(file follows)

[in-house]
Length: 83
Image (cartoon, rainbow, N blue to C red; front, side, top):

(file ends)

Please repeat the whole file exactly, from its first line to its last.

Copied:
[in-house]
Length: 83
Image (cartoon, rainbow, N blue to C red; front, side, top):